Dovetail Jigs

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I’ve always considered the dovetail joint to be one of the most versatile and adaptable joints in woodworking. The origins of the dovetail are unclear, but examples can be found in ancient Egyptian furniture and Chinese tombs. The joint can be used in small projects like a jewelry box or large ones like a log cabin. Dovetails can be cut by hand, but I prefer to use a jig.

The two main styles of dovetail are full (or through) and half (see above). In the full dovetail, the joint is visible on both sides, while in the half the joint is only visible on one side. The jigs work by first correctly setting a dovetail bit and collet in the router, mounting the boards in the jig, and then using the collet to trace the fingers of the jig. I always practice on some scrap wood which is the same thickness as my project to make sure I have the jig and router adjusted properly.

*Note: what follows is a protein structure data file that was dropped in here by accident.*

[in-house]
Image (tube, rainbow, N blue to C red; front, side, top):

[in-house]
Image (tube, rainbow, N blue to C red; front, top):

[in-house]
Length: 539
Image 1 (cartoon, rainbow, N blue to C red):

Full (left) and half (right) dovetails

The size of the project is the first determining factor in choosing a jig. All Porter Cable jigs are twelve inches wide. If you need larger, Leigh has models at 12, 18, and 24 inches. For most box and drawer construction one of the twelve inch models usually works, larger projects like chests or cabinets may require a bigger jig.

Porter Cable has three models of dovetail jig. The 4210 will do half blind dovetails, the 4212 will do half and through dovetails, and the 4216 adds a miniature template. All of the Leigh jigs will do variably spaced half and through dovetails and a variety of finger joints also. If I was just doing cabinet drawers or simple boxes, I would stick with one of the Porter Cable models. I chose to get a Leigh because I like to make different styles and the Leigh gives me that versatility with one jig. There is an added cost for that functionality and a little more of a learning curve (the instructions were great), but for me it was well worth the cost. Leigh also makes a vacuum and router support accessory for both their jigs and the Porter Cable jigs- worth its weight in gold for keeping the mess out of your shop while cutting dovetails.


The author setting up a dovetail jig


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